♦ [By Charles Proctor.] (Continued from Saturday's Issue.) VIII. "the traitor." Tho party was n great success, and it >chieved its object, for it made Marion .Wget her troubles for a time and transformed her from a pale, sad-eyed, pensivo creature, into a Hricht, glowing, and boau'ie'rd air!. There were seven men, ail ■"■sve(J (Mark ,'kimnson and Leslie l fVroakspear wpw the veterans of the party, and they wore only ?5b ail unconventional and in the best of spit-it*—and all gentlemen in tho host sense of fin' word. .Marian v.'as made to fool a r her oaf* 1 at onoo—made to feel that ehe was '>nc of the i irrle ;>f :'Oi d comrades, not merely an .•mnlovee or an • >ur^.iii<-r. Tt brought, back happy memories to si'- and listen to tlv discretions wago;:; over l lie teacups, to the go-"^-tampered banter run whole-hearted l.iu[»liter--bri.ni-j!>t hru-k momoiics of inanv a happy evenine. in f V little house in Manchester. Mights when she had presided over the teai'.'t as sho was doing now. for !'!«'■'" father had loved to gather yonn-z men around him. loved to -expound ids views to them di.-eu?.-e<l. flis house had .alwevs been to some extent 'Tdhertv Hal!." a reed-zvet-s end a refuse. .old to Marion it we- no now experience t > He tiro ordy lady of a compan v. ' Art" was tire ehiof top;.- of fOm'fi'?;iHon-■•'• shop " perhaps, much of it. bur. interesting "shop" to Marion, who had always been interested in art in a. broad sew'—and r ep-e of the?e artists knew how ] to taik. ard h~d ro regard for established reputations and " name,--." More than ; onee Marion found heiself laden upon 10 , Prrpress an opinion. and »,is listened to, a? if she were an irnelo, although she kept. : to yjiv ground and refu.-vd p, be drawn i int.- a disenssion on " merle'df.." j '• How can I say when I have never I "vu anv of youv node?" she asked, tough- ! •nrr'y. "'her. Oermoct appealed to her onee i ;,. side with him when ho was chaffed | about his " iniprrssionisrie " studies. I "Never s ~oa* any of my work''" e.jam- ; '<:e<' Demiotf. "And this is fame! You ?haTI ?ee my masterpiece '."-a ,r 'miir. My • Hoar Miss yon must not l.ise 1 another day Have not seen any of my work—our work -and there >-■ more gonitis iti this building than in the whole of Burlington House' \\\e shall nop*, of lis be i satisfied until you have <ha:e a round of the studios it, tins hj >me for geniuses and rriven wa ajt opportunity of forcing you to admire out liases." " Yes. von must cei-tainlv siv Dermott's i latest. Miss Lancaster " jamtlied Mark | Sampfon. "it is fanny without Till- ! rar." t -_ Philistin-!" ejaculat.'d Deme-lt. : ' have ro s~ul. and .=-•.• only a dab of ! aaint where I see. a vision. Ibit bow ran ; •myono expect a man v.'h:-> writes sen.-a-.-ional fiction to liave a son! for art and an ■ A v<' for betiTirv." " r sha.ll bc"o,dv ;•"-» pleased to ' d > the ' round of the .studios'- as ;.o t i called it- i if I may, i\r<} ,-t-o wlint you all <lo," said Marion. "Ho. f.anca-ter," chorused Her : mott. O'Ktmrke. and Howland " But let , me kn->•.'.' w h.~-v. y-.u'ro t-uiMiur," added t"r'r:our!'e\ " ?o r [ work in my phirt- ; jde-eves and without a. collar, and am no fit sii'iit for any lady. And don't disturb I'i:-.'ak-:pear when he's wnrkin_'. Miss Lan- ] t-arfer. or, faith! yut'li think your last hour lias come. Nobody know? bis nretbods; but if you knock "at his door • '■vhen he's busy you'll srcol! brimstone." Leslie Th-eakspear lantrherl en'mly. He i was. n-s has been mentioned, about o5 i yoars of ace, and the oldest man of the tircie. Thin almost to sparoue.ss he was a. little over tho average heiirht, ro'ind-fho-uldered, with, a thin, lows neck—em- j pha-sised by a. very low collar —that j j-eemed too frail a pillar to support th<: ] massive, Fplerididly-propnrtionod head. - His close-cropp..(l hair was black as jet ; his eyes, too. seemed almost black, and were exceedingly bright: while in eon-, trnst his clean-shaven face was white, as j . new ivory. His face was thin, lint his ! features were perfect, almost classical. | with sensitive mouth and well-chise!!ed i ; chin. Tt seemed as if Nature, havine- I , designed a. head that have praced j : mise'ha.T'.ee to place it en th? puny body \ >i a starved student. ' ■ "I can't work whe.n thevo i.s anyone ■ a fr.ss. Miss Lancaster." lie' ex- < plafned, with an explanatory wave of his ' ?ha.pely white hands, ''and* sr-motimos I ] ret anrry when I -am interrupted bv some these- w-ild youths who have run out. ] of tobacco, or something- of the sort : but | I_ am pot readly pessefsod of a 1 Von will be quit* safe if yen come down iny afternoon, for 1 only work in the . morninc:. as a rule, and yon are wehxtne \ to examine and criticise my work. And " j —he paused, his bri.trht eye's fixed intently ->ri Marion's face--"-and I shall esteem i't ; m hon-u-, A!!ss Lancaster, if you allow me { .o rnai-c- a pi.-tuie. of you—a study—» t oortrait." ' » "A portrait—of me!" exclaimed f Marion, coloring. "But why? I " "You have, a pood face, tin interesting i face, and T believe [ could mako a irond ! ', picture " j ; ■' Accept, Mi4=3 Lancaster," cried Der- f •n-.tr. •• Rreakspear is the master of us ' t, all, and you may be a ' portrait of a. lady ' j \ «"hat will be one day in the National."' | ( f believe yv,u are makinc; fun ! ' 51 ni"." oxpo-rulitefl Maricn. blushin,,- j .- rosily now. -■ Y..it are jokinc. Afr Break- j -Tear." ! [ "'Breakspear never joke?," said i l>'Rourke, solemnly. ■'"He has no mure : ' ; ense of humor than a lamp |io^t•; but he' 1 - a heaven born artist, and it's a j' lucky woman ycu are." : ~ ■• Th.at's settled, then." said Break- I j' fpear. faking Alarion'.s consent for j . granted. " Come in to-morrow mornintr. I Miss Lancaster, before, von start- work, If j ,- the lioht is rood." { * "-Ml finished'.'" inquired Mark Samp- ■' mn. lif.insr. "Good. Wo have AFiss > ?. Ltinca.ster's bavo to smoke. Push the i table over against the wall and spread yourselves out. You take the armchair, .Miw Lancaster; you are chairman for tonitrht-. Call on Breaicspear to plav s..rnothine; for u?-n r perhaps vo'u will ~; piny"" ' 'I ■' I make' a. better listen, r." answered ' ..'. Afarion. ;il •' Then yon will have to a-iv " s.-rd > '■' .Mark, decisively; and " If ear." hear !" ','' shouted tlw= others. " Y>\s, a 5,,.,,'. Miss i ; l( Lancaster, a sour. .'" ' ! C 1 Protesting, Marlon was !o«] to the i '"' piano, and that nothiti'-r. I T would serve but she should s/mu- ! thicif. she ffath'Tcd h, n . courage toyether ' and saner, to a sudik'tdy .silent and at V' tentive audience, a .sweet, simple Scots i sono- that she had learned from her mother i lei it; years le-fo n .. The applanee mad" ! ''"' her blush and she was rlacl to j * l " -et back to the armchair and tic friendly ! : shelter of the shadow; hut siie wars dowint: with pleasure, nevertheless. ~ j rt ' " Thank you." said MaVk Simpson, j ,1( quietly, cominr tiver to fill his pipe front ] 1:< tbv jar on the nuii,t,--!pVc«\ - I !c,ve the I I,; '.ld Scots soig.--. Miss Lancaster. I'm:!.'' partly Scotch, too. you know. All., Break- i spear is going to play. That man is forne- I . thing of a genii's. Miss Lancaster, and f '•■ !", don't know whether [ like him bent as an ! j'' .artist or :i nci.-ician. L'i-u-n." i ' '1 he btiirt of cotivt rsation di-d aw.av as f' B.'.eakspear .rcalis'ed at once that Mark had not cxaq- i-, gerated the musician's He wait- ,\'. de-red at first from one air to another, but '..1 a: last struck the opening chords of a. j (l j r.-"ethoven ?onata, paused to throw bis. cigarette. be--ran a.rain. anri played ■ i;. l ; kf. a ;u.;ia inspired, while- his Listeners' „ t ! <at. watching, faseinatfd, as the music j , t took hold of them, afraid almost to move ; „,„ 3 muscle lest they should interrupt. j It wa« half an hour after Breakspear i P , lad finieh-ed and Lghtei another cigarette ar before anyone had courage to break the r/c spell that still lingered by sinking an oid naiy, . commonplace f ong; bnt so v .-; atviftly sped the time that Marion rose ■"; with ft cry of dismay when, on glancing to at the clock, she found that it indicated , ta half-pasi niuo. Five-sevenths of the paity ] I (all Maik Sampson and Breakspear, | to to wit) offered to see her home, but she \ a protested that such a bodyguatd would , fo: ci-eatm a «ensation, and was finally allowed a V> jißkElt upattendedLi i oq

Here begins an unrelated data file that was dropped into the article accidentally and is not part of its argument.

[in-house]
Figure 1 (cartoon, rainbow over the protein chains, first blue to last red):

I The demon Despair had been driven j back, but had not entirely abandoned his r position, and made many an attack during the days that followed. For Marion, however, there was work, the .good-fellow-ship of the light-h'Tarted, earless, but hard-working crowd at Albany Studios as ! safeguards against being overwhelmed ; j and although her mood was often one of i pensive sadness, it was only in the silence ; of the night, as she lay awake sometimes thinking of what might ha-ve been and of i the lovcltss future, that her heart failed her. ' i'aebuiTi was seldom or never out of her ! thoughts, and the cynic who wrote that tho v.-oree a. man treats a woman the I better she loves him might, had he been 1 alive, have cited Marion Lancaster as a ! proof of the truth of his argument. For ; although Marion had Lied hard to put j Racburn out of her heart and mind, she wa? still forced to confess to herself that ' in spite of all that had happened she ]<wd him still, and no other man would ever displace him. She was not the tvpe of woman who lov-es lightly, and at first flu- foudu ac.'.ii'ist the love'that had como into her life; bet when at. last she bad suriendered, she had given her heart fullv and freely into Baeburn's keeping for Xr.ihing could alter that—not even t:i" fact that Ibieburn's love had in one .short day turned to scorn, perhaps to hate Daily sue read the newf-papers, and tho mere mention of R:u burn's name tvas stifficiont to make, her heart throb respensively. For a. time the papers ceased to mention, bis existence. Lv, ryono sc-'.-med to have : forgotten all about his resignation at the rime of the Persian Railway Crisis fwhieh ' had been tided v.-er). then suddenly, Bai'burn Chesterton once moie became the! man of the hour, for. to the astonAliment- j o' uearlv evervoiio, he changed his politi- ! i a! opinio., s ;,,„] , V( , m ,„- (T tCI |j ]e Oppoji-i tion. | His action brought down a. Hood of in- j ve.-tivc in; his head from the Covernment papers, a.nd was greeted with unconcealed ; jov by tho organs on the other side, j ''Turncoat," "desrrtr-r." " weathercock " ! w- ro some r.r the title-- from one side ; \ and "the man with a conscience," "one! who ratcts truth and the honor of his' above place and power." front the other side. j Tv Marion the news of fktebiiniV; ehan-g" : of paity gavo a melaiaholv pleasure, and! si l ; her wondering whether she- was in anv j de-jreo i-espcpsiblc, She had wished, of'e'u ; the: Raeb.trn was on the other I her I side, | for naturally she believed in what he*- ' father had tuppnrted so strongly, and : CeeiTrey Laneastor had often rerrretted : that- Raeburr. did not. arreo ivith his : opinions. j f.'-ntlcn i\as supposed to be empty now; j th-' blinds of the Wet End mansions wc-ro | drawn, and their ow-ners had gone off to - : let ghter rreuse in the north, but Fae- j barn was ftill in town Then came a j vaf-au'-y, ioiinr to the death of a. member , tor a I/omlon suburb and he \v,ie chosen as ! the Opposition candidate, and fining him- ( r-dr into the political arena. j Marion read all about il. and it chanced | that Mark San.psrn, having finished his ] novel, bit. town for a holiday at that ' time, leaving his amcnueiisi:; to her own devii e.s. but giving her clearly to underttand that he would need her services! again on his return. j " My arm is mending, Miss Lancaster." | ho said, as .ho took leave, "but, I find, I' ran jet through so much more work and ] turn out br-ttcr stuff in the. new way that j I should Itk.' yon to regard your position ; as being to come extent permatient. You ; have been a. exeat help to me, and I shall i have a. lot of arrears to make up when 1 , Time back from Brittany, so, take a hn!i- . Jay and get fit." ! So .Marion, rinding herself free /or a i ' :ime—free to think—found herself longing ' "or a sight of Raehtini. ami decided to go j ro the big open meeting at which ho writs | . :o present his first address io the electors, i "There is sure to be a bitr crowd, and ■ f I keep at, the back of the'hall he. will < , lever recognise me," argued Marion. I ' And f can wear a veil." j The Town Hall was already crowded \ vhen she arrived, and she had some little ; , liffieulty in r-htaiiiing entrance ; but at ! , a.st sho was admitted, and was thankful i o find a seat under the gallery and far , tway from the platform. It was obvious , hat the meeting would be lively long be- \ , ore the chairman rose to open the pro- ! i •ounter-cheers, shouting, and chaff in ) . I'enty. The chairman was allowed to : ] nake a remarks, interrupted only bv j j cornful laurhter and ironic cheermrr. I'hen Raebiirn, pn.le, but looking very < teen, rose—and the storm broke. '. Tho cheering scarcely could drown the- t ttssing and booing, and it. was in vain hat Raeoarn held up his hand in an an- f ■ •■al for rriLu'-ce. '"Traitor! Traitor' Traitor!" yelled I ; , man with a powerful voice, and a por- i ica of the crowd took up the cry and re- j " berated it until the toe? seeeined to Ting j ■■ith the same. I: was a new experience for Raebiirn !■; nd hivu.self r-ifused a hearing, and for a .. ime ho stood, his faro deadly pale, bur. T . is eyeo blazing, trying to weather the j lonn of insult and abuse. j Several he tTied to speak, enly to I u ave. his voice drowned bv v« lis or cheers ~ r whirling, and at last' lie addressed ;. | •, -■w words to th:' reporters <ei the plat j arm and sat down. Marion's eyes nev-'-r j ft his face, and she set wringing her | ands agibitcdly, wbi'- fears triel;!cd"down j The ehe.irman ,appeal-'<l he order —for | r.r play, but in vain, and t''e mcf'ting j as brourht to a prematuif- clo;e. Rac- I cm left the platform to ',!'. ■ errr-nipani- \ ';.' c-nt of sho'.'ts of "Traitor!'' "the .nani'. 1 ; \ as flung at him again as ,'c l fhove away i few leinuti-s la'or. and it bent. " ' "A def.'at would do me good, she paid." ! " e nnnt-ered, as he drove away. " W.'il. it j'■" ■ oks as it I score going to get it. this | " me." i "' And lie was right, as the headlines of j "' te halfpenny pa['ers on tho < Soverninenl I ~, de indicated a week later. "The Rout!',!' tlie Trader!" so ran tin headline*. I *, fiovtrnmont Gain! Majority ToO!" ] ,'j. CHAPTER IX. t\ a>: ryKXi'KOTKTi visitou. ( \ Defeat was l,ad enough, hut defeat with £*" riitule added was gall and wormwood fo :l leburn Chesterton, to whom popularity "?" id sii.-ccss had been almost as necessary fond and air. In public and among the t!l sends who supported him he had affected i 3,|! treat the newspaper comments and !Vt iticisms with smiling, scornful indiffer- | nice. but in reality every phrase had told, [ . ery sneer had cut like a whip, and lie I 'J 1 d'inwardly writhed in impotent fury. j ''' He had been still, smarting from the i .'aiuieut meted out to him by" Lord Dart- j '-l r rd and his leaders when he had been proaeh"d diplomatically by the opposite I ''•'• i-ty. and bo had jumped at the chance— n:: 'e thought—of avenging himself, of re- ! -™ ining his position, and of showing his ■' "" e headers that be was still a man to be ek'uied with. To do him justice, it must t ' ;l . said that on some matters he had xvl ver been in total agreement itith his as ' .rty. but he had always sunk his differ- w ' : . e'. and played the 'part of a siimid I 1 iarty " man. I \"ou- he lutmd himself, after his crush- j g <lefeat at the fioll. an outcast, ridiculed i J"° ■ his late party, cut by some men whom no had called friends, iind looked at with .-pieiou by many of the party to which at had gone over. th " ! have lilundered—heavens, how I have, mdered !" he soliloquised moodily two P r \s after his defeat, as he paced his inj ;::tti in a despairing endeavor to consider ni' s position and decide upon his plans for e future. "The initial blunder was be- <l r ' ving that Marion cared for me—the .Mtost blunder of all -yet I would have Hi iked my life upon her fidelity and the to] nuincness. of her regard. As it was, 1 ■ sp l iked my position and mv political repu- i an don—and I lost!" He laughed harshly na d mirthlessly, and for a tew moments ' anused to stare unseaingly out of the : hr< ndow, Ids thoughts busy once again Be th the circumstances of, his betrayal. '" t: ?hen I blundered hi going over so soon < gr< the Opposition " —he resumed his agi- ! lex ;ed perambulation of the room—-"and shi blunderetl horribly in allowing myself be persuaded into presenting myself as erl candidate before my late colleagues had the ■gotten their aiiger and. bitterness. Oh, Sh aretty hash I have made of my career— dw t J.jasi